How to uninstall a door jamb

Old homes are a testament to the craftsmanship and artistry of bygone eras. Sometimes you need to update fixtures to increase your home’s energy efficiency and fit with your style. If you need to install a new door, but it doesn’t fit, chances are that you’ll need to uninstall a door jamb – the frame that holds a door in place.

The door jamb is the top, sides and bottom of the door frame that is fastened to the framing of the house and often covered in trim. The horizontal top section is called a head jamb. The side sections are called side jambs. And the bottom is called the sill. Door jambs are often painted and styled to match the door and come in wood, aluminum, fiberglass or composite material.

Here’s a step by step guide to help you uninstall a door jamb without splitting the wood. The tools you’ll need are a hammer, utility knife, screwdriver, pry bar, and reciprocating saw. And remember, always wear your PPE – safety glasses, respirator, gloves and sturdy shoes.

  1. Before you begin, remove your door panel by knocking out the hinge pins. If they’re coated in paint or sealer, use a utility knife to score the seam and a screwdriver or pry bar to gently work the hinge free. If the hinge is stuck firm, use a blunt surface like a large nail or punch and knock the hinge out from below.
  2. Next, remove the trim and plinth blocks on both sides of the door. To help prevent paint and plaster from peeling or tearing, use a sharp utility knife and score the edges of where the trim meets the walls. Using a thin pry bar, gently twist the bar side to side between the trim and wall– not outwards as this can split the wood. If you’ll be reinstalling the trim, mark the backsides to help remind you of the placement so that it can easily be put back.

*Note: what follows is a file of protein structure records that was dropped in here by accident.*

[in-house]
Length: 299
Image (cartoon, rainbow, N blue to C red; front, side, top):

3. If needed, remove any material at the base of the jamb blocking the free movement of the jamb, such as carpet, carpet pad, linoleum, carpet tack strips or threshold.
  4. If the jamb goes into the floor, consider using the reciprocating saw to cut the jamb level with the floor. Exterior doors are most often installed with a threshold attached, so leave these attached to the jamb unit and remove screws that hold it to the floor.
  5. Remove any screws holding the jamb in place. Often these are hidden behind painted over putty or at the striker plate area.
  6. Start removing the jamb by inserting the pry bar between the jamb and stud. Hit it gently with the hammer to help relieve tension. Work the bar up and down, twisting gently to help “wake up” the frozen jamb. Evenly widen the gap on both of the side jambs just enough to insert a reciprocating saw blade.
  7. Use the reciprocating saw in between the jamb and stud to cut through nails holding the jamb in place. Skip past the hinge to avoid cutting the short hinge screws. Do this all the way around the jamb and then wiggle the jamb towards you feeling and listening for tension or cracking of the jamb. If you feel resistance, check for more hardware. Very rarely jambs are fastened through the top of the jamb, but each door and house is different. Some jams, even after using a reciprocating saw, are so tightly held with shims that they will put up a fight. With patience you’ll succeed.
  8. After the jamb is removed, ensure all nails and screws are removed to prevent injuries.

To learn more about switching out doors, read this blog about installing a door and this one about choosing a new door.